Fresh Briefs: Lemonade

Suppose you and I happen to be running rather late to a mutual friend’s wedding reception, which, according to this handcrafted, hand-delivered, rather
RSVP (regrets only) in my possession, will take place to-day, a chapped dry July afternoon, on the patio of a home you and I both have not visited, in a booshie, same-looking suburban borough we both do not know,
and the heat could pucker a person’s eyes–
suppose you and I happen to be running rather late, and suppose we just so happen to see, after turning up a street we swear we’ve already been,
a lemonade stand,
abandoned, but still curiously stocked by three pitchers of lemony-sweet nectar, and a mountain of individually serialized paper cups,–if we just so happen to see a lemonade stand, abandoned, erected just off the odd crosswalk there, in front of that old whitewashed, boarded-up, dandelion-swallowed home–
will we go and wait for the child to return?
Because if you and I do not find our way to the wedding reception
P R O N T O,
we will be arriving on the unfashionably side of late,–or wearing an even worse look: like missing the ceremonial cutting of cake/frosting face-decoration festivities.
And at this point you and I have been walking around long enough to be both visibly irritated and more-than-just-visibly perspired,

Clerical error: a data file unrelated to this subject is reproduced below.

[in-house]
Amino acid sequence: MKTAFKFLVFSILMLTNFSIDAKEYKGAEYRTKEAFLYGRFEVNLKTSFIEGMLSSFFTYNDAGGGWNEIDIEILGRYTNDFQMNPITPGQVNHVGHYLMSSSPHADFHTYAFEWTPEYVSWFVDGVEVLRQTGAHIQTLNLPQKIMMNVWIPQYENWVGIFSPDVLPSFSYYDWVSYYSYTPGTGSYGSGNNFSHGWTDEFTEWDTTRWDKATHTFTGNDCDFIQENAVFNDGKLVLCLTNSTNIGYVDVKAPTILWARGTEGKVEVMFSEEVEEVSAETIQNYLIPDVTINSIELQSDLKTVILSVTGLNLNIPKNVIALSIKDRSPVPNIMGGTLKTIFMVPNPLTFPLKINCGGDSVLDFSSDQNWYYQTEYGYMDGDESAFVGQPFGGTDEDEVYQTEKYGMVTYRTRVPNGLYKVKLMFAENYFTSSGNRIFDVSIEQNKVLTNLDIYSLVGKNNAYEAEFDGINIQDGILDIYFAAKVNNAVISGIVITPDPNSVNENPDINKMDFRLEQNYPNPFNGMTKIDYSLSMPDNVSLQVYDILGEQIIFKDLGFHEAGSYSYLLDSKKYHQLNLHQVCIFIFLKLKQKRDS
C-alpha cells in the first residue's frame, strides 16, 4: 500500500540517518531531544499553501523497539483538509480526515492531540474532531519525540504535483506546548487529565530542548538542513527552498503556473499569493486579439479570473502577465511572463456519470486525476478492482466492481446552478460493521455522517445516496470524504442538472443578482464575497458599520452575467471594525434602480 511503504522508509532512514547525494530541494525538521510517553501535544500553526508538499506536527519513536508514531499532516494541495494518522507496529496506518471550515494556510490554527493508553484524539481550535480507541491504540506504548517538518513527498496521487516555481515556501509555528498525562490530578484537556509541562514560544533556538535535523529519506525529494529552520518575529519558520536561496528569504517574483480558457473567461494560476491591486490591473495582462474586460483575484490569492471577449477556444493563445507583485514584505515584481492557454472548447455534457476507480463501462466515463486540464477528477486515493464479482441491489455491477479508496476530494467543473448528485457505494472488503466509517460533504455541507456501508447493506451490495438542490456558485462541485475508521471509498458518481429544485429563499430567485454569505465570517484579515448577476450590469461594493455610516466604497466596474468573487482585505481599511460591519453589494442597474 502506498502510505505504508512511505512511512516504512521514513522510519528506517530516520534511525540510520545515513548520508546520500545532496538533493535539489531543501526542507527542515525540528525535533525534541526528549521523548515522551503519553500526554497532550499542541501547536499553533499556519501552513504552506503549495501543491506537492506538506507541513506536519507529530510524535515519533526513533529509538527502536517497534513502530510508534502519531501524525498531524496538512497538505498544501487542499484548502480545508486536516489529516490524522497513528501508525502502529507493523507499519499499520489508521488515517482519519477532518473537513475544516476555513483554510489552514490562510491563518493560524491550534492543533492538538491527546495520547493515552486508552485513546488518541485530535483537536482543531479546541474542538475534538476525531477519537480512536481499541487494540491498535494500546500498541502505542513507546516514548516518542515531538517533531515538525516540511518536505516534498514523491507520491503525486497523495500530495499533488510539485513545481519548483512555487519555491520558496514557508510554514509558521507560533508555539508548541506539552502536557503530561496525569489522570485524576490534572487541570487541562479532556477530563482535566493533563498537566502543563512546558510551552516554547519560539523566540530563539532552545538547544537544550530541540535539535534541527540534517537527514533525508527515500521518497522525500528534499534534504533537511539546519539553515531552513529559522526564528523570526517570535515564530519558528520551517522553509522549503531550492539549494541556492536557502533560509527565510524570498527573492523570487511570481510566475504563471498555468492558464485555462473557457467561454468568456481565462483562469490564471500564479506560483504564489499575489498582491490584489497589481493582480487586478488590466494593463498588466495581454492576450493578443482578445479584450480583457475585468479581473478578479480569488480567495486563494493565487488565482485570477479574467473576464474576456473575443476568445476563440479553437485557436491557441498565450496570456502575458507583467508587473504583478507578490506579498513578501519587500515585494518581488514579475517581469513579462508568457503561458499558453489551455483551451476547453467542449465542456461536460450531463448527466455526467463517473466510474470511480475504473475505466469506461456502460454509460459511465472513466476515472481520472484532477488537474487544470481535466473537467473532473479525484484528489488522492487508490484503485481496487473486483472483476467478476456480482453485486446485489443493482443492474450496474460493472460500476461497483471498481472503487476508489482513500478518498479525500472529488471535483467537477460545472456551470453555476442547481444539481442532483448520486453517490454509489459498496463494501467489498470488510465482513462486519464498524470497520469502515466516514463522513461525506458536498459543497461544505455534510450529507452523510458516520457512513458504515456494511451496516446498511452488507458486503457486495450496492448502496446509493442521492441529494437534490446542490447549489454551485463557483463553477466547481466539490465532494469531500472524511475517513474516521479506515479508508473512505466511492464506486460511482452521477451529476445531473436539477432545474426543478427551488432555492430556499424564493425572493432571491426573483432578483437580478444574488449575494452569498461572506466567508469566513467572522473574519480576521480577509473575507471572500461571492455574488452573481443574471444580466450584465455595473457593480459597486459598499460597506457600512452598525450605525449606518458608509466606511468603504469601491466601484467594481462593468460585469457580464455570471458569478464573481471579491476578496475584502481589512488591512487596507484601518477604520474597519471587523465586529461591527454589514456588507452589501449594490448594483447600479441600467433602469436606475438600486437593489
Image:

and at this point you and I are halfway between lost and actually admitting we are lost,
boiling beneath the skin, mouths cotton from gin,–
so tell me, if we just so happen to see a lemonade stand, abandoned, will we skip over, arm-in-arm, and then eagerly pour ourselves each an ice-cold cup from the sweating pitchers of sour/sweet?
Will we leave a couple crumpled bills in absent thanks
(an asking price nowhere to be found on the handscrawled sign,
before downing one final refreshment, and then continuing back up the baked asphalt hills in a hurried search of the wedding procession?
Perhaps in the moral heights of your light head, you think it smarter to resist the urge, and display patience–yes–God forbid the good folks here think us thieves!
But who, who then would start this lemonade stand only to leave?
Hm,—now who could that be?
Could it be this man here, who squeezes out of the whitewashed home,–this man here with the ruckle-scarred skull, and the bare brow, his mouth a crease, all decked in ivory, a two-piece Italian suit, could it be this withered, crumpled man here who crosses through the comatose lawn, towards us, crushing the dandelion colonies with a spit-polished pair of wingtip Derby loafers, could it really be this cruelly contorted old soul, weakly dragging an oxygen tank at his side (plastic tubes splitting from stubbly nostrils) who unlatches the gate, and then stretches his crooked hands out across the table, and grins toothlessly at the two of us, and snickers squeals at our sugar-soaked lips?